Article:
Drivers License Reinstatement
Under What Conditions Can My Driver’s License Be Suspended, Revoked or Disqualified?
The state of Virginia can suspend, revoke, or disqualify your driver’s license for a variety of offenses. The more obvious reason fora suspendeddriverslicenseinclude being convicted of DUI, reckless driving conviction, or too many demerit points on your driver’s license. Additional reasons include failure to pay court fines, court costs or jail fees, or failing to satisfy an outstanding judgement related to a motor vehicle accident.
There are also several legal offenses that are notdirectlyrelated toyourdrivingrecord, such as giving alcohol to a minor or intoxicated person or failure to pay child support. Additionally, failure to properly insure and maintain your vehicle, failure to pay the required uninsured motor vehicle fee, or failing to have valid license plates can also result in a suspended license.
REINSTATEMENT OF SUSPENDED LICENSES – DO I NEED AN ATTORNEY?
Depending on the circumstances involving the suspension, revocation, or disqualification of your license, there are various ways of getting your license reinstated. These requirements range from the simple, such as providing proof that you have paid court fees and costs, to the more complex, such as satisfying all the court-ordered requirements (such as serving jail time). Regardless of the reason for the suspension, the driver must always pay DMV a reinstatement fee — even if they are not licensed in Virginia — before they will be validly licensed again. For example, a Maryland driver gets a DWI in VA, the court will suspend his privilege to drive in Virginia, but will not take his Maryland license. At the end of the suspension time, he must still pay VA DMV the reinstatement fee, otherwise, he will still be suspended.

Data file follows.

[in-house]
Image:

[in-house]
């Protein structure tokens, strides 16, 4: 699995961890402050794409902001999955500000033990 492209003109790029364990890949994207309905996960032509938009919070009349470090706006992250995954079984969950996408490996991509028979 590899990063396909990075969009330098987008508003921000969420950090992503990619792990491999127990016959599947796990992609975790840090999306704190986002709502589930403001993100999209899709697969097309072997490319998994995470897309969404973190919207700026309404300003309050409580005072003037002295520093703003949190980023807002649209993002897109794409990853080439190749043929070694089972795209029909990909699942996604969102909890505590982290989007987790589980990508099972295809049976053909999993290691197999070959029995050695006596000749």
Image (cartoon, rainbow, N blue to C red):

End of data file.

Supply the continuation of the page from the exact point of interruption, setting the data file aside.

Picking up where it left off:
In simple cases involving only administrative-type requirements (paying fees or providing proof of insurance), you may not even need to go to court and therefore not require the services of an attorney.
More complex cases involving criminal charges such as reckless driving or DUI will almost certainly require the services of an attorney. While reckless driving that only involves speeding is often classified as a Class 1 Misdemeanor (which is a criminal charge), more serious violations of the traffic code, including DUI, can result in felony charges.
But even misdemeanors may require the services of an attorney, as some jurisdictions in Virginia will not allow you to plea bargain with legal representation. Withouttheabilitytoplea bargain on your own behalf, any sort of reasonable defense becomes virtually impossible. In many cases, plea-bargaining, in which your attorney negotiates with the prosecutor for lesser charges, is the strongest strategy available to the accused.
The prosecution always has the burden of proof, so it is their job to prove each element of the charge beyond a reasonable doubt. The defense has no burden. At trial, if the defense can successfully argue that there is reasonable doubt, then the verdict should be not guilty.
If you are unsure whether you need an attorney for your case, most attorneys offer free consultations, so it is definitely to your advantage to consult an attorney who specializes in your type of case.